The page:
Thursday, July 22, 2010

Grep features

I was asked to search several teams' code-bases recently based on a list of over 270 different search strings. We are a Windows OS organization and doing a search like that would take some time. By the way, has anyone noticed that the Windows explorer search tool is flaky? Even if I used a tool like this it would still take a while.
I have cygwin installed, and I know grep works well - when I search for something I know is in the file, I find it (unlike Windows sometimes). What I didn't know was that there is a -f option on grep that allows you to provide a file with all you search terms separated by newlines. An astute worker made me aware of this and I tried it out this morning. It worked nicely and saved me some time. Here's how I implemented it:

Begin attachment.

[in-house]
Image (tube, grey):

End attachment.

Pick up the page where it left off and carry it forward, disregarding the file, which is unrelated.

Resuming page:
grep -r -i -f file_of_search_strings.txt * | grep -v .svn | grep -v Assert | grep -v .sql >> resultFile.txt

-r is a recursive search based on where I'm current sitting on the command line
-i is a case insensitive search
-f allows me to pass in my file of search strings
* tells grep to search every folder/file at this level. Used with -r it tells grep to search every single folder and file that is currently at my current cursor position, or a child of the folder I've cd'ed to.
The | grep -v .svn tells grep to ignore/not display files with *.svn in the results
and then >> allows me to pipe my results to a file for inspection.

You may have to run the dos2unix command on the text file with your list of search items to get grep to see the new lines in the file correctly.

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